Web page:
July 31, 2005
For years we've watched as Torii Hunter fearlessly took on outfield wall after outfield wall, usually winning and miraculously walking away in one piece each time. He finally met his match this weekend, when his left ankle went up against the triangle in Fenway Park and lost in a knockout.
It was a perfect example of the all-out, 110% effort Hunter has given the Twins over the years and the play that may have ended his season -- a double off the bat of David Ortiz landing just beyond Hunter's outstretched glove as he crashed into the wall -- is a perfect example of the almost-but-not-quite year the Twins have had. And it may have ended their season as well.
With a record nosediving toward .500, an offense looking completely helpless for going on a month, and the team's leader being taken off the field on a cart, Terry Ryan could very easily have panicked. He could have pulled the trigger on any number of deals, dealing prospects for veterans with the misguided notion of saving the 2005 season.
Whether he tried to do just that and simply failed, or instead realized at some point that it wasn't worth doing at all, is uncertain. Either way, things worked out for the best. Alfonso Soriano wasn't going to save this team, and neither were Bill Mueller, Kevin Millar, Shea Hillenbrand or any of the other veteran stop gaps the Twins were reportedly pursuing over the last couple weeks.
This season was gone the moment Hunter's ankle hit the wall in Boston, and probably quite a while before that. Dealing away the future in the form of Francisco Liriano, Scott Baker, J.D. Durbin or even Boof Bonser to chase what just isn't there would have been disastrous. Instead, this season can serve as a transition year, a learning experience, and the Twins can reload next year with all their bullets intact.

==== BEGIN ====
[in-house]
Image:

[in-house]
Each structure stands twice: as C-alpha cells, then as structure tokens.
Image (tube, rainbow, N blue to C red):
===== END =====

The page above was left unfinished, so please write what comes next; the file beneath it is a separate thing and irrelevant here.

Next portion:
Things could have gone a lot better, of course. The offense could have provided the pitching staff with just a little support, the Twins could be fighting off Oakland and New York for the Wild Card, and perhaps a trade for someone like Soriano could have spurred the team to a strong finish like the acquisition of Shannon Stewart did in 2003. But for whatever reason, it just didn't happen.
I would have liked to see Ryan take advantage of an extreme seller's market to unload guys who won't (or shouldn't) be around next year, like Joe Mays and Kyle Lohse, and trading J.C. Romero when his value is seemingly at an all-time high wouldn't have been bad either. But asking a general manager to realize his team is going nowhere when they're still just a few games out of the postseason is tough, asking him to realize that and then start cashing in spare parts is almost impossible.
The next two months are probably going to be pretty tough to take, but the good news is that there are better days ahead and the events (or non-events) of this weekend put the Twins in a better position to succeed in the future. When Liriano and Johan Santana are forming a beautiful, left-handed 1-2 punch in the rotation, the idea that the Twins were thisclose to giving him up for 60 games of Soriano will be just a distant memory.
As will this season, hopefully.
Today at The Hardball Times:
- Analyzing the Deadline Deals: 2005 (by Aaron Gleeman)